How Can You Save Time In Conflict Resolution?

How can you save time when dealing with conflict resolution? 

By addressing any hint of conflict immediately.  Right now. 

If you don’t, it will grow.  There is no doubt whatsoever about it! 

Conflict doesn’t go away – it just festers!  It may seem like the waters are calm, but in actual fact, the undercurrents are destructive.  And it doesn’t matter whether the conflict is in volunteer organizations you belong to, at work or in your personal relationships.

In Organizations – Recently, I experienced a conflict situation with someone.  She “ambushed” me at a meeting of a volunteer organization because she didn’t like some of the things I had said to her of late.  I was quite steamed of course because I could see how she had used “backroom tactics” to put me on the spot and, of course, disappointed because I thought our relationship was more positive; certainly I didn’t expect this kind of behavior.  She had “prepared” her compatriots for the “attack”.  Well, the attack backfired on her and “her people” didn’t support her.  Did I want a repeat of this behavior on her part?  No, of course not.

She was going away so I sent her an email indicating that I wanted a telephone conversation to clear the air upon her return.  I told her what I was upset about.  Her response?  To send my emails, without my permission, to everyone in the group which, of course, is not good for the group dynamics.   This is the kind of person is highly destructive no matter where she operates.  Her style is “my way or the highway” and, if you don’t agree with her, she’ll “get you”.  How?  Through the “gang up” method –  the schoolyard bully syndrome.  Will this conflict ever be resolved?  I don’t know. 

This is an example where I have a choice – is resolving this conflict worth it?    

At Work – Often, people don’t have a choice – they have to go to the office every day of the week and face someone which whom they are having a conflict.  In the office, as a manager, I learned through experience that it was my job to deal with conflict – any conflict – whether it was between employee in my department, between an employee and myself, or between a peer and myself or even conflict between my boss and I.  Most managers don’t want to deal with conflict and do everything in their power to avoid addressing it.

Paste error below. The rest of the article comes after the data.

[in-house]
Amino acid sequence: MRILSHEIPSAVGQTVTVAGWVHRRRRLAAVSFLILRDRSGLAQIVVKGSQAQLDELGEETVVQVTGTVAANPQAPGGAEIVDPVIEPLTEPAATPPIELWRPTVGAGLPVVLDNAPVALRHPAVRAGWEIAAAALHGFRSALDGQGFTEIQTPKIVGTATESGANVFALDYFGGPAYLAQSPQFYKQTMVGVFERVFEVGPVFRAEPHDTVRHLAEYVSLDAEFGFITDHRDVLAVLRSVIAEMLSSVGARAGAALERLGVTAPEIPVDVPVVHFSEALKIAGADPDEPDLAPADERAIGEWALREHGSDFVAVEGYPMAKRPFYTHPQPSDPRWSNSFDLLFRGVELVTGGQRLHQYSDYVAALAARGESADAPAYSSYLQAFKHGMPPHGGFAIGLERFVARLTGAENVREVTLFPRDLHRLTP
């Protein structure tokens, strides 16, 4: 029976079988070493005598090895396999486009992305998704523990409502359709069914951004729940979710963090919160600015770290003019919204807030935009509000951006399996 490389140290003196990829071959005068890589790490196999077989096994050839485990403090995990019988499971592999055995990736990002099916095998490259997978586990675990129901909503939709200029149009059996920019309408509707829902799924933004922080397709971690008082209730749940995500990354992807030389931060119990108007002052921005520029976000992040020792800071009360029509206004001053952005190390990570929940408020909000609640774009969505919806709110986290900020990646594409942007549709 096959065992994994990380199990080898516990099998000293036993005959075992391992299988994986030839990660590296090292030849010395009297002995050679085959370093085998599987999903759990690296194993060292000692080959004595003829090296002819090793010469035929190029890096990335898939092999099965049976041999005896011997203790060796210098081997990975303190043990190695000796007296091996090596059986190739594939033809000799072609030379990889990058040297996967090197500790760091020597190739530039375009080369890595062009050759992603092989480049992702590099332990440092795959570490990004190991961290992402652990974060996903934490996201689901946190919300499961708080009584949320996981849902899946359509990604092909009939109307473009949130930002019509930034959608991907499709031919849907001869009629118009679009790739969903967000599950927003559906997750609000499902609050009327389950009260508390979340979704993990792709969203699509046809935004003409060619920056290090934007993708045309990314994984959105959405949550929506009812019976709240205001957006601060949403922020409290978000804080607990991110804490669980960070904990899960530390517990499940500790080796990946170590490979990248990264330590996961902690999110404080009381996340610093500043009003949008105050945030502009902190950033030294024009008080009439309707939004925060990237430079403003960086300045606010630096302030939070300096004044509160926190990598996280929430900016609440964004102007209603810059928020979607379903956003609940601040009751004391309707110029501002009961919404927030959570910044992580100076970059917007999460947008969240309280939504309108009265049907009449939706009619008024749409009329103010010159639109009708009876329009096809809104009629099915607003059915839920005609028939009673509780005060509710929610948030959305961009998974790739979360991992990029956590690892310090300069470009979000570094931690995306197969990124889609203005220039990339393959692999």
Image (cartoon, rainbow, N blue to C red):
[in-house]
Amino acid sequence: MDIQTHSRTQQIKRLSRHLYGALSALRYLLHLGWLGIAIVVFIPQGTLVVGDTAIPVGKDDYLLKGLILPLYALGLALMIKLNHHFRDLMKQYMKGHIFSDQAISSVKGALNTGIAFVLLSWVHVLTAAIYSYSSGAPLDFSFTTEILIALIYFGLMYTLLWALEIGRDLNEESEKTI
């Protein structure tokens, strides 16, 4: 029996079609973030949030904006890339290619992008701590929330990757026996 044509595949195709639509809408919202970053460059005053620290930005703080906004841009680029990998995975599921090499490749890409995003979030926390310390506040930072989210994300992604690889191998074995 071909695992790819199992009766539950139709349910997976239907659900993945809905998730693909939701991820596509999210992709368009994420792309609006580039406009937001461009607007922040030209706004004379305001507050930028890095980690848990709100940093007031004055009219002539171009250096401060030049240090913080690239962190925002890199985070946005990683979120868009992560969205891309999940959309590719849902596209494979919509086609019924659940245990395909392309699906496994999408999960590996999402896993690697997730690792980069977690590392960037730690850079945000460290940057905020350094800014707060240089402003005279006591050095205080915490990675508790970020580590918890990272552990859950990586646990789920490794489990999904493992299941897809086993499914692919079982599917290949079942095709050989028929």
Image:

If a manager sees or experiences conflict, then deal with it immediately – now – don’t wait one more second.  Set up a meeting and get through it.  Is it  stressful?  Absolutely!  That’s why most people avoid dealing with conflict because it is so emotional and so stressful that avoidance seems to be the answer.  Notice I said, “seems to be the answer”.  Avoidance is never, ever the answer in the workplace.

A secretary at one time kept referring to the Bible in the workplace constantly.  There were others on staff who were either non-believers or believed in another religion.  It irritated a lot of people but no one, not even my boss, wanted to deal with it because of the sensitivities surrounding one’s beliefs.  I dealt with it – the whole was more important than the one – she simply hadn’t realized the effect her references to the Bible were having on others.  If I hadn’t intervened, the irritations would have grown into a whole host of negative emotions and affected everyone’s work

Will you always succeed?  No.  But you will have begun the process.  There are some people who will never, ever want to participate in addressing the situation and resolving the conflict –

  • they love to live in conflict – it makes them feel alive – if conflict doesn’t exist, they’ll likely create it
  • or they’re right – at all costs and see everyone and everything else as wrong – they don’t want to generate a positive atmosphere and are unwilling often to an exchange of possible solutions; only when their jobs are at risk will they even “budge” and sometimes not even then
  • or it doesn’t fit with how they operate – as a bully or a “backroom tactician”!  It’s their way or the highway is their attitude – there is no middle ground.  If  a person doesn’t go along with everything they say and do, they’ll do everything in their power to gather support against the person and make life very uncomfortable.  These are the people you take on or leave – they can be defeated but it takes time and energy – they don’t like to be asked questions